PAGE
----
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Running Before You Can Walk

01 Nov

south ferry subway station

Most likely it will be some time before the full effect of Hurricane Sandy is known. It’s been over 48 hours since the hurricane hit and what we do know is that it was as bad as predicted. What could not be predicted was the unprecedented damage to infrastructure. Residents of Zone A (which includes all five boroughs) have not been allowed to return to their homes. Power is still off below 34th street in Manhattan and across all boroughs. NYC schools will be closed all week. The subways will start running (in a limited fashion) this morning while some stations are still being pumped out. There are sections of New York City (and certainly New Jersey) that are simply gone. Hospitals are still being evacuated. Human lives have been lost.

Yet the decision has been made to hold a marathon across these five boroughs in 72 hours. The NYC marathon is a huge event and brings money, tourists and international attention to the city. It draws resources, particularly those of first responders and congests traffic and walkways. No doubt many of the runners had flown in (to train on American soil) before the hurricane hit. The airports are slowly opening again, so perhaps the remaining can still get here. Those hotels not filled with evacuees, hospital, city and media staff are probably open. But for the love of decency is this really the time to have such a spectacle?

The runners start their journey on Staten Island which might just be the hardest hit area of the city. The ferry is still not running and the south ferry subway station is probably still under water. Even if they all can get there, should they? People have lost everything and are living (in the cold) without power or telephones. How will they feel seeing police and firefighters shepherding elite (and amateur) runners past their devastated homes? Will there be thousands of spectators offering cups of water to runners throughout the boroughs? Where will the water come from? Will it be trucked in and labeled “for runners only?”

High Occupancy Vehicle rules are in effect for the bridges and tunnels into Manhattan. Drivers (perhaps without access to electricity and/or information) will be turned away if there are not 3 people in the car. This restriction is necessary as without full subway service it is next to impossible to move through the streets of Manhattan. (The reason the President of the United States did not just bop on over from his visit with New Jersey is that he would have had to been airlifted into Manhattan. There are no spare traffic lanes for emergency vehicles let alone a motorcade.) But by all means, bring in more people and close streets for the runners.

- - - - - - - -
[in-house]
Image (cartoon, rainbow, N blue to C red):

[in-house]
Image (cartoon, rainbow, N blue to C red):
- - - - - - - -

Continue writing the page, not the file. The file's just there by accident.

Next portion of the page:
The runners finish in Central Park, no doubt that section was given first priority in the clean-up efforts. Scaffolding and bleachers need to be built for the marathon. Parks employees and firefighters are needed to create that structure. It has been suggested (by non-city dwellers) that the marathon is a “sign of recovery” or a “welcome diversion.” Perhaps from a bird’s eye view this is the case. But down here in the decimated nest it feels terribly insensitive and disrespectful.

 
6 Comments

Posted by on November 1, 2012 in Cultural Critique

 

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6 responses to “Running Before You Can Walk

  1. Andy Crocker (@abcrocker)

    November 2, 2012 at 6:36 pm

    It occurs to me, a native of the Great State of Louisiana (another storm-prone area) that “return to normalcy” includes electricity, food and gasoline….then public spectacles.